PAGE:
• 7.2. Defect formation and healing in 2D TMDs
  • 7.3. Defect engineering by chemical treatment and applications
  • 7.4. Defect control by external sources
  • 7.5. Future perspectives
  • References
  • Chapter 8: Nonequilibrium synthesis and processing approaches to tailor heterogeneity in 2D materials
  • Abstract
  • Acknowledgements
  • 8.1. Introduction
  • 8.2. Non-equilibrium synthesis – effects of chemical potential on the heterogeneity of 2D materials
  • 8.3. Strain induced phenomena in 2D materials
  • 8.4. Heterogeneity introduced by the self-assembly of nanoscale ‘building blocks’
  • 8.5. The effects of kinetic energy on defects and doping: hyperthermal implantation for the formation of Janus monolayers
  • 8.6. Summary and outlook
  • References
  • Chapter 9: Two-dimensional materials under ion irradiation: from defect production to structure and property engineering
  • Abstract
  • Acknowledgements
  • 9.1. Introduction
  • 9.2. Response of two-dimensional materials to ion irradiation: theoretical aspects
  • 9.3. Experiments on ion irradiation of two-dimensional materials
  • 9.4. Applications
  • 9.5. Summary, challenges, and outlook
  • References
  • Chapter 10: Tailoring defects in 2D materials for electrocatalysis
  • Abstract
  • Acknowledgements
  • 10.1. Introduction
  • 10.2. Defect-tailored 2D electrocatalysts for hydrogen evolution reaction (HER)
  • 10.3. Defect-tailored 2D electrocatalysts for oxygen evolution reaction (OER)
  • 10.4. Defect-tailored 2D electrocatalysts for nitrogen reduction reaction (NRR)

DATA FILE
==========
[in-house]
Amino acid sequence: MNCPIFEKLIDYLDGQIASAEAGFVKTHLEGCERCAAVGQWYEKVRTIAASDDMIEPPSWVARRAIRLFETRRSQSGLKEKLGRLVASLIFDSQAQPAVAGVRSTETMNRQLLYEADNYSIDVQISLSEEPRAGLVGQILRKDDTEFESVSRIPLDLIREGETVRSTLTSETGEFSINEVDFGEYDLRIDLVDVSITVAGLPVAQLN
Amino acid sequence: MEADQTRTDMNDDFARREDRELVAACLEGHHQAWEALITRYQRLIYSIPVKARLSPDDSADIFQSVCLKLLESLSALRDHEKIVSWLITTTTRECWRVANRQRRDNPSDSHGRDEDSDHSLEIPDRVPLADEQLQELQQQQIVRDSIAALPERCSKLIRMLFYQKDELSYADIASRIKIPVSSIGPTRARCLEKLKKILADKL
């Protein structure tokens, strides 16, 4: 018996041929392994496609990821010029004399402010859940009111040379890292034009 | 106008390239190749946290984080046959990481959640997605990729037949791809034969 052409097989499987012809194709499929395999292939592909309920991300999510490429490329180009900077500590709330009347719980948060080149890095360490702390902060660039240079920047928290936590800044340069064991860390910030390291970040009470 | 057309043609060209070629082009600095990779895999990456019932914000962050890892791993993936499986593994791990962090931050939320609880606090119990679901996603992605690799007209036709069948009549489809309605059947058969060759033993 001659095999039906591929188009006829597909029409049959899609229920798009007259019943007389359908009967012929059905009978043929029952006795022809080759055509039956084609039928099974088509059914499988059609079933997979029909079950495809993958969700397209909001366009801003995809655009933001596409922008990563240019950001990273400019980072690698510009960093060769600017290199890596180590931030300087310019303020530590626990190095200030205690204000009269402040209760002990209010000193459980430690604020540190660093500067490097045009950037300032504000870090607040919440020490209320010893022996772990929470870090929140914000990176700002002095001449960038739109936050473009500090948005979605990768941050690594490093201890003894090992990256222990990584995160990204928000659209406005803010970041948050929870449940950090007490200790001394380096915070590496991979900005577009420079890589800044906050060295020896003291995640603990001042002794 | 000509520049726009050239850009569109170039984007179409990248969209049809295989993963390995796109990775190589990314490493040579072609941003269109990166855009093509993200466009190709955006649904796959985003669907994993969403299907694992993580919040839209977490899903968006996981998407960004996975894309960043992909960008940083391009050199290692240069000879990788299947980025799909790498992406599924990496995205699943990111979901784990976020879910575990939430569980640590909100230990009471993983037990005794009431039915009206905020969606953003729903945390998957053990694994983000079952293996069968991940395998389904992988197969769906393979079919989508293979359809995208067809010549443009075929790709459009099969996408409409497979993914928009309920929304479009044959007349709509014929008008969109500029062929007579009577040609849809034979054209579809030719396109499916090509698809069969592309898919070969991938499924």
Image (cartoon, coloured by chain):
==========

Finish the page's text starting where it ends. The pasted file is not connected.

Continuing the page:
• 10.5. Defect-tailored 2D electrocatalysts for carbon dioxide reduction reaction (CO2RR)
  • 10.6. Challenges and perspectives of defect engineering for 2D electrocatalysts
  • References
  • Chapter 11: Devices and defects in two-dimensional materials: outlook and perspectives
  • Abstract
  • 11.1. Introduction
  • 11.2. Defect characterization in 2D TMDs using ultrafast pump-probe spectroscopy
  • 11.3. Devices fabricated on 2D CVD-grown TMDs
  • 11.4. Devices fabricated on MBE-grown TMDs
  • 11.5. 2D van der Waals (vdW) heterostructures
  • 11.6. Enhancing 2D device performance using defect engineering
  • 11.7. Theoretical investigation of defects in 2D TMDs
  • References
  • Chapter 12: Concluding remarks
  • References
  • Index

Product details

  • No. of pages: 432
  • Language: English
  • Copyright: © Elsevier 2022
  • Published: February 14, 2022
  • Imprint: Elsevier
  • Paperback ISBN: 9780128202920
  • eBook ISBN: 9780323903103

About the Editors

Rafik Addou

Rafik Addou is a research scientist at the University of Texas at Dallas (UTD), USA, where he leads efforts on understanding the interface and surface science of graphene, transition metal dichalcogenides, and other emerging 2D materials for nano- and opto-electronics. He earned a BSc in Physics from Mohamed Premier University, Oujda, Morocco, and MSc in Materials Physics from Aix-Marseille University, France. In 2010, he received his PhD degree in Materials Science from Ecole des Mines (Nancy, France) in association with Empa Materials Science and Technology Laboratory (Thun, Switzerland). Before joining UTD, Dr. Addou was at the University of South Florida (Tampa FL, USA) as a postdoctoral research fellow in Physics where he studied the surface physics of graphene.

Affiliations and Expertise

Research Scientist at the University of Texas at Dallas (UTD), USA

Luigi Colombo

Luigi Colombo is the Director of Strategic Programs and Adjunct Professor in the Department of Materials Science & Engineering at the University of Texas at Dallas, USA. For almost 40 years, he worked on a variety of materials research and development programs and device integration at Texas Instruments in Dallas, TX, USA. From 2008-2013 in collaboration with the Ruoff group at the University of Texas at Austin, USA, he discovered and developed a large area graphene film growth using a catalytic CVD process on Cu substrates.

Affiliations and Expertise

Director of Strategic Programs and Adjunct Professor, Department of Materials Science and Engineering, University of Texas at Dallas, USA